We recently received a Red Pitaya, a successfully funded kickstarter campaign for open source instrumentation. The Red Pitaya has a Dual core ARM Cortex A9+ FPGA with 4GB of ram, with the circuitry to handle fast analog inputs, analog outputs, and digital GPIO. It is similar to the Parallella in that it shares the same Zynq processor, but includes a nice analog front-end for signal capture and measurements. The concept of the Red Pitaya project is to build a software platform on top of a powerful hardware platform capable of measuring precise voltages, taking advantage of the hardware in various ways. Similar to an app store, except for measurement devices.
Since the Red Pitaya has an FPGA and a fully functioning Linux environment, we can take full advantage of the hardware by writing custom VHDL code for very fast response times. The Red Pitaya has a 16 pin port dedicated for GPIO for the FPGA, which can be used to easily integrate the Red Pitaya with test fixtures for example.
We envision leveraging the Red Pitaya in a variety of applications where a simple ARM, FPGA, or PC wouldn’t be sufficient independently. In the example of an automated PCB test fixture, this platform provides 16 pin GPIO manipulation with 6 channels of oscilloscope measurements with 6 channels of analog outputs. By utilizing a bit of custom VHDL code for the FPGA, we could quickly exercise a variety of subsystems to determine if a circuit is performing as expected. Since the Red Pitaya can also be connected to the network, we can perform full signal capture over TCP/IP, which would allow for the heavy signal processing to be offloaded to a more powerful computer along with data collection and logging. This provides a very powerful and reusable platform for test. For example, since all of the measurements are taking place on the Zynq processor, the 6 analog measurements can be used as parameters in a PID control loop, which can then trigger additional VHDL logic in response to a voltage reading which is higher than expected.
With the Red Pitaya’s fairly unique architecture, the barrier to high speed analog, digital, and logic manipulation and analysis just became a lot lower. Speed and efficiency is highly valued for the projects we run at Sparx.
One of the first hurdles to overcome was connecting the Red Pitaya to the network. To do this, I connected to its serial port and looked to see what binaries were available in /bin and /sbin.
I discovered that ifconfig was present, but not dhclient. I also discovered a strange flag in /opt/etc/network/interfaces:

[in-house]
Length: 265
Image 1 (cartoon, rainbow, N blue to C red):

[bash wraplines=”true”]iface eth0 inet dhcp
udhcpc_opts -t7 -T3[/bash]
That’s how I discovered that /sbin/udhcpc could also be used for getting a dynamic IP. So after bringing up the interface, I can now get an IP address.
[bash wraplines=”true”]ifconfig eth0 up
udhcpc -i eth0[/bash]
The message on device startup indicated that /opt/etc/init.d/rcS can be modified to run user commands on startup. So if I run /opt/sbin/rw to switch the filesystem to read-write, I could add any necessary commands to configure the network interface to automatically connect. After initially editing /opt/etc/init.d/rcS to include bringing up the interface and getting a DHCP IP, I found that I no longer need to have those lines. I suspect that acquiring DHCP while the filesystem was in read/write mode, allowed resolv.conf to be updated with our nameserver (thus, it can get an IP address every time).
We configured the oscilloscope probes to the HV, +/- 20 V setting.
After connecting to it through the Red Pitaya Discovery Portal, I was finally able to connect to the oscilloscope:
As you can see in the Measure Panel, the measurements are averaging 3.073V for the 3.3V signal, and 13.0V for the 12V signal. I found that reducing the probe attenuation to 1x seemed to help the error a bit, but there was still a significant offset.
Improving the accuracy is possible through calibration, but for general ballpark measurements, the current accuracy may be good enough.
We are just starting to work with this hardware, so I’m sure we’ll gain a lot more insight soon on how best to utilize this new hardware. So far, the Red Pitaya is turning out to be a great networked tool that offers a lot of capabilities that a traditional oscilloscope, signal generator, or logic analyzer traditionally don’t have, so its exciting to see where we can take this tool. As is usual here, we’ll push this hardware to its limits.